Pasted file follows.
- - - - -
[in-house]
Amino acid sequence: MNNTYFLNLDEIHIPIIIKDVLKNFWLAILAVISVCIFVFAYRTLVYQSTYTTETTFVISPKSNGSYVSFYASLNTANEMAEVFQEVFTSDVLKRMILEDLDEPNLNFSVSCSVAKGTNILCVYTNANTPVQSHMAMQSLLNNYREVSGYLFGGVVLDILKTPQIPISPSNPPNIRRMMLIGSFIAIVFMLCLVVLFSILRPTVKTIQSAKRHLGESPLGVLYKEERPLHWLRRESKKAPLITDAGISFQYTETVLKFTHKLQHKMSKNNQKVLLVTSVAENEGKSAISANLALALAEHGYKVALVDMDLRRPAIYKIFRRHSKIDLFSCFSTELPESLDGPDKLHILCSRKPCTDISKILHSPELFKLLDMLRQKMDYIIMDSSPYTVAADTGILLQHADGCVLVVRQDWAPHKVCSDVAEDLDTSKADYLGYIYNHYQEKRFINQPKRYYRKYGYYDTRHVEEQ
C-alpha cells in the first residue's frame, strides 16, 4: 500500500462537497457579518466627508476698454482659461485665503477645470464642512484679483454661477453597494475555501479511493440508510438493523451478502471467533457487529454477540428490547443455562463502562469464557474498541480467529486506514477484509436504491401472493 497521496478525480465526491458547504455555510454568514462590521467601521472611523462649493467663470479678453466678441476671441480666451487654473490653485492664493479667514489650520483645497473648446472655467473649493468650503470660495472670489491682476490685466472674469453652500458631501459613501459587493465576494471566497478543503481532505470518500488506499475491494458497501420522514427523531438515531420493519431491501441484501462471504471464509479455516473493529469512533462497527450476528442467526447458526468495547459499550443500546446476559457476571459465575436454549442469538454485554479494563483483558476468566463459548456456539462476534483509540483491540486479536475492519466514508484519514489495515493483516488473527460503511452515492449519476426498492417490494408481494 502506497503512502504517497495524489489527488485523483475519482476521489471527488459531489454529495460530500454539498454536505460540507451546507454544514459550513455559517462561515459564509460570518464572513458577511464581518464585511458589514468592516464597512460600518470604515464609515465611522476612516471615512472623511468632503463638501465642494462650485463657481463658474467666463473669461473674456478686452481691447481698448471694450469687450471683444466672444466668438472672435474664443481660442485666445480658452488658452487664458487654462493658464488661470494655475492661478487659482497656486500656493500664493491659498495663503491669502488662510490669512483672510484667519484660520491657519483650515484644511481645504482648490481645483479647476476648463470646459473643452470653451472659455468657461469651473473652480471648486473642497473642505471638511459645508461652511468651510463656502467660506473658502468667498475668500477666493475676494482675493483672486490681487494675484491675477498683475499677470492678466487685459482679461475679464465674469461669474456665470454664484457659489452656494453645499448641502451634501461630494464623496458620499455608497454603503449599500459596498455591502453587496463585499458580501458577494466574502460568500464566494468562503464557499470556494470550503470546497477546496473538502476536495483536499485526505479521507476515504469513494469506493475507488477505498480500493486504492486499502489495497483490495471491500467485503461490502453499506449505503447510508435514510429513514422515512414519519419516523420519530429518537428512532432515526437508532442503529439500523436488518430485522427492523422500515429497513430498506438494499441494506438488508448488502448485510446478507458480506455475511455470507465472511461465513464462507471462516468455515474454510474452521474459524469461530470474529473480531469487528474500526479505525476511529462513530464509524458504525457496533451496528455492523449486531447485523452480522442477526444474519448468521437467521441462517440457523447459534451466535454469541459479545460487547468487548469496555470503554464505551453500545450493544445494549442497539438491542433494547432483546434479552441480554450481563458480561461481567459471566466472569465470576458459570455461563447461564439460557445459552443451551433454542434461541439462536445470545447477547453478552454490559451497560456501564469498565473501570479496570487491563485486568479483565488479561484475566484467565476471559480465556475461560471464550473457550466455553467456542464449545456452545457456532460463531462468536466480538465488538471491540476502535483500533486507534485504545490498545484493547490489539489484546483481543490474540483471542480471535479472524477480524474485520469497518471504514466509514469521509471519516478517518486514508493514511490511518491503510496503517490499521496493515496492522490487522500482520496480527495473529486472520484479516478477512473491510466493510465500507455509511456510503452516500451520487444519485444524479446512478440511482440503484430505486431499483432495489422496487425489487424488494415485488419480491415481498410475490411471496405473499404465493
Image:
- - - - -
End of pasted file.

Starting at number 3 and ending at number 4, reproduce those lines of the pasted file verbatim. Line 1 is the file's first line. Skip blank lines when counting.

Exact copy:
C-alpha cells in the first residue's frame, strides 16, 4: 500500500462537497457579518466627508476698454482659461485665503477645470464642512484679483454661477453597494475555501479511493440508510438493523451478502471467533457487529454477540428490547443455562463502562469464557474498541480467529486506514477484509436504491401472493 497521496478525480465526491458547504455555510454568514462590521467601521472611523462649493467663470479678453466678441476671441480666451487654473490653485492664493479667514489650520483645497473648446472655467473649493468650503470660495472670489491682476490685466472674469453652500458631501459613501459587493465576494471566497478543503481532505470518500488506499475491494458497501420522514427523531438515531420493519431491501441484501462471504471464509479455516473493529469512533462497527450476528442467526447458526468495547459499550443500546446476559457476571459465575436454549442469538454485554479494563483483558476468566463459548456456539462476534483509540483491540486479536475492519466514508484519514489495515493483516488473527460503511452515492449519476426498492417490494408481494 502506497503512502504517497495524489489527488485523483475519482476521489471527488459531489454529495460530500454539498454536505460540507451546507454544514459550513455559517462561515459564509460570518464572513458577511464581518464585511458589514468592516464597512460600518470604515464609515465611522476612516471615512472623511468632503463638501465642494462650485463657481463658474467666463473669461473674456478686452481691447481698448471694450469687450471683444466672444466668438472672435474664443481660442485666445480658452488658452487664458487654462493658464488661470494655475492661478487659482497656486500656493500664493491659498495663503491669502488662510490669512483672510484667519484660520491657519483650515484644511481645504482648490481645483479647476476648463470646459473643452470653451472659455468657461469651473473652480471648486473642497473642505471638511459645508461652511468651510463656502467660506473658502468667498475668500477666493475676494482675493483672486490681487494675484491675477498683475499677470492678466487685459482679461475679464465674469461669474456665470454664484457659489452656494453645499448641502451634501461630494464623496458620499455608497454603503449599500459596498455591502453587496463585499458580501458577494466574502460568500464566494468562503464557499470556494470550503470546497477546496473538502476536495483536499485526505479521507476515504469513494469506493475507488477505498480500493486504492486499502489495497483490495471491500467485503461490502453499506449505503447510508435514510429513514422515512414519519419516523420519530429518537428512532432515526437508532442503529439500523436488518430485522427492523422500515429497513430498506438494499441494506438488508448488502448485510446478507458480506455475511455470507465472511461465513464462507471462516468455515474454510474452521474459524469461530470474529473480531469487528474500526479505525476511529462513530464509524458504525457496533451496528455492523449486531447485523452480522442477526444474519448468521437467521441462517440457523447459534451466535454469541459479545460487547468487548469496555470503554464505551453500545450493544445494549442497539438491542433494547432483546434479552441480554450481563458480561461481567459471566466472569465470576458459570455461563447461564439460557445459552443451551433454542434461541439462536445470545447477547453478552454490559451497560456501564469498565473501570479496570487491563485486568479483565488479561484475566484467565476471559480465556475461560471464550473457550466455553467456542464449545456452545457456532460463531462468536466480538465488538471491540476502535483500533486507534485504545490498545484493547490489539489484546483481543490474540483471542480471535479472524477480524474485520469497518471504514466509514469521509471519516478517518486514508493514511490511518491503510496503517490499521496493515496492522490487522500482520496480527495473529486472520484479516478477512473491510466493510465500507455509511456510503452516500451520487444519485444524479446512478440511482440503484430505486431499483432495489422496487425489487424488494415485488419480491415481498410475490411471496405473499404465493
Image: